King County Executive Ron Sims, who would have to OK a possible border change before it went to the state Legislature for approval, isn’t sure why people in those communities would want to switch.

“It is an interesting and unique community that wants to be in King County for the level of services that we provide,” Sims explains. “We have our staff setting up a chamber of commerce for them, at their request. We’ve invested in their school, their playground, a community center.”

But Sims says he wouldn’t stand in the way if residents want to switch.

“If they want to leave, I would say fine,” Sims says. The challenge, he says, would be convincing Snohomish County to accept the region. “I don’t think they’d want it.”

Snohomish County Executive Aaron Reardon says that if the residents of the area wanted to pursue having the county line moved, the county would consider it.

“If a boundary-change proposal is brought to us, we will conduct a full cost-benefit analysis to ensure it is the best option for the county and for these communities,” Reardon said.

But revenue from timber harvesting is at stake. Sims says that while King County wouldn’t stand in the way if residents want to switch counties, they wouldn’t be able to take any trees with them.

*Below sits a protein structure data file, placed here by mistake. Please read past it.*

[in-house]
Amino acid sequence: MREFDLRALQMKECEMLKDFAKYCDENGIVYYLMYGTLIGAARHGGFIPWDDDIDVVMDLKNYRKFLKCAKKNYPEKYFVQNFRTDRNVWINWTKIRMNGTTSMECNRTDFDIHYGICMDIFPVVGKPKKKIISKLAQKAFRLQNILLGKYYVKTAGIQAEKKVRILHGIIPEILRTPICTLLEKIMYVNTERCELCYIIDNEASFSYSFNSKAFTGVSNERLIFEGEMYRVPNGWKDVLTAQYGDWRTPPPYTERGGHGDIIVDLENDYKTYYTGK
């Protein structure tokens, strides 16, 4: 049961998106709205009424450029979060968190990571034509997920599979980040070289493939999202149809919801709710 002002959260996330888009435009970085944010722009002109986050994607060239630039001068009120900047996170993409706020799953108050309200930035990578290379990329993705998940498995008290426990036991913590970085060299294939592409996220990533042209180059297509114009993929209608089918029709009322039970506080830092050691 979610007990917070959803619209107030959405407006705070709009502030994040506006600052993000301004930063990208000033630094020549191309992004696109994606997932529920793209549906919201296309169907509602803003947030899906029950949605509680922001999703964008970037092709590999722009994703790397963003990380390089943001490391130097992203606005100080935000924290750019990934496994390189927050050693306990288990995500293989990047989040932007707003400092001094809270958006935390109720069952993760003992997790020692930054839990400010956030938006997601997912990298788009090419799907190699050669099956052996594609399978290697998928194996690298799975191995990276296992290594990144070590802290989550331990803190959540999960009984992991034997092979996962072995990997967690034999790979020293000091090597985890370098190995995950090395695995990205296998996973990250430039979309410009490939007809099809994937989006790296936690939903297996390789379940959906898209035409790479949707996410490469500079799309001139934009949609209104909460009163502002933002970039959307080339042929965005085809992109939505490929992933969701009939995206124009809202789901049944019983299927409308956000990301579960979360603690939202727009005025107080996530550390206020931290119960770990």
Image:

“We control the forest around Skykomish,” he says. “They would be a pimple addition to Snohomish County because we wouldn’t allow the forest to be moved with them.”

“Absolutely no sense”

People who live in that corridor go to the doctor and movies in Snohomish County. They work and shop in Snohomish County.

When they call King County offices, residents say they often are redirected to Snohomish County.

They receive the Snohomish County phone book.

“Pretty much everything we do is in Snohomish County,” says Steve Westover. “It makes absolutely no sense that we are in King County.”

The only way in or out of the area is Highway 2, a mostly two-lane road that runs from Everett almost all the way to Massachusetts. Most of Highway 2 in Western Washington runs through Snohomish County, but for a 21-mile stretch it dips into King County.